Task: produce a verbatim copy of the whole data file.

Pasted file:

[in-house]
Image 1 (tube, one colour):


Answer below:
[in-house]
Image 1 (tube, one colour):